So we just spent 2 weeks in Gopegi, Basque Country (in Spain) at a farm called Padura.
It is a new farm, just started last year, and the family who built it really give it so much love and care.
The husband and wife, Miguel and Peggy are amazing people. Peggy is always reading about how to do things better/live better for themselves and for their farm. And Miguel is always at the farm, even when the weather felt like it could snow any second! They were even kind enough to take time out of their evening to give us Spanish lessons- twice!! We still can't believe how much we learned just from those 2 lessons alone... muchos gracias!
Also, Miguel makes a mean chorizo tortilla... honestly one of the best we've tasted. It was completely different from all the other tortillas in that it was ooey gooey inside. He used extra eggs to allow for the gooey inside. The outer egg/potato casing cooked to solidify the tortilla, but didn't cook all the way through, which gave it that most amazing, perfect, poached egg texture inside. yummy yum yum! (We are sorry to report that we were so hungry that night that we forgot to take a photo of the tortilla. Don't hate us!!)
In another house a few kilometers down from Gopegi is where we actually stayed. P&M's daughter, Maite, her boyfriend Ari, and their 2 other friends, Mickey and Nerea, all live there. It was a beautiful old stone house with its own grounds for a small veggie garden, chickens, and even rabbits (so sad we didn't see them give birth. We missed it by like a day!). At the time, and old family friend from Germany, Feli, was also staying there so we were definitely a full house!
(We're so sorry we don't have a photo with you, Maite!!)
Every morning we wake up with some coffee and bread, then us, Ari, Mickey, and Feli head over to work on the farm and the others go to their jobs as well. Because stone houses aren't exactly known for their insulation, Rachel is usually always cold so mornings were horrible for her. We would all leave the house wearing so many layersm which we would immediately shed as soon as we started working.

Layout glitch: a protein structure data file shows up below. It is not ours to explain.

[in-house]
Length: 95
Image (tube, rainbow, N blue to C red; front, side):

The great part about a large farm (and a new farm at that) is that there is so many things to do. One minute we are spreading hay on the ground, then pulling leeks out, then re-arranging tree branches into equal "cheese" slices (A little joke we have with Ari. Hehe)!
Some of the work was harder. We definitely will probably not want to prepare the land for another single garbanzo bean- we prepped and planted at least 1000 meters of rows of garbanzo beans! But others were peaceful- watering the plants inside the greenhouse, or pulling weeds around the mint plants, constantly smelling that summery aroma.
One of the hardest tasks was definitely pulling out leeks. The green portion is mostly what sticks out of the ground, but its the white part, buried deep down in the earth, that is edible. It was so difficult because we had to dig deep before we could attempt to pull the leek out. But sometimes those suckers like to make sharp turns and not grow straight! So when you use your tool to dig, and then you hear that earth-shattering c-r-a-c-k, your heart mourns a little because you know you've just damaged the veggie. And we tore into A LOT of veggies (although Joel would like to argue that he didn't)... We definitely have a new appreciation for those gi-normous leeks in the market! Unfortunately, we ate so much while we were there that Rachel doesn't think she can eat another one for a while!
It wasn't all work and no play though! We definitely dabbled with cooking (and eating!) some of these amazing foods that we were working with.
The family recently slaughtered their own pigs and they made amazing chorizos and morcillas (black pudding).
Then Joel made a simple dinner one Sunday night using their leeks, potatoes, etc... It was definitely a big hit.
And one night, we were all in the mood for a little pasta so decided to make some lasagna. Mickey made the bechamel, Feli cooked the pasta and Joel made the meat/tomato sauce. It was the *BEST* lasagna any of us had ever had :) It took every ounce of will power to reserve some slices for Maite and Ari! Haha
So every day, as we close the gates to Padura, we felt fulfilled that we not only accomplished something, but helped create and nurture something that could possibly be around longer than the rest of us.